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close this bookA Guide to the Development of on-site Sanitation (WHO; 1992; 246 pages)
View the documentPreface
close this folderPart I. Foundations of sanitary practice
open this folder and view contentsChapter 1. The need for on-site sanitation
open this folder and view contentsChapter 2. Sanitation and disease transmission
close this folderChapter 3. Social and cultural considerations
View the documentSocial structure
View the documentCultural beliefs and practices
View the documentConcepts of hygiene
View the documentBeliefs about sanitation and disease
View the documentForces for change
View the documentResponses to change
View the documentConclusion
open this folder and view contentsChapter 4. Technical options
open this folder and view contentsPart II. Detailed design, construction, operation and maintenance
open this folder and view contentsPart III. Planning and development of on-site sanitation projects
View the documentReferences
View the documentSelected further reading
View the documentGlossary of terms used in this book
View the documentAnnex 1. Reuse of excreta
View the documentAnnex 2. Sullage
View the documentAnnex 3. Reviewers
View the documentSelected WHO publications of related interest
View the documentBack Cover
 

Concepts of hygiene

Although communities may lack knowledge of modern medical explanations of disease, they often have concepts of what is pure and polluting. Of the water resources available to particular households for domestic purposes, running water may be most acceptable for drinking because it is exposed to the sunlight; it is considered to be "alive" and therefore "pure", while water in shallow wells, which does not have these attributes, is deemed suitable only for washing and cooking. Communities have been observed to use the environmental resources available to them, such as bamboo, to bring fast-flowing river water to their villages in preference to more convenient well water that is unacceptable in taste, colour and smell.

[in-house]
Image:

Concepts of clean and dirty, pure and polluting, are well developed in the major world religions, and have a ritual and spiritual significance as well as referring to a physical state. When people are told that new sanitation facilities will make their environment "cleaner", it is their own interpretation of this concept that will be used. "Clean" may have quite different meanings to project promoters and recipients. Thus "it is essential to look into traditional categories of cleanliness and dirtiness, purity and pollution before embarking on a campaign to motivate people to accept a project in improved ... sanitation or to change their behaviour to comply with new standards of 'cleanliness'" (Simpson-Hebert, 1984).

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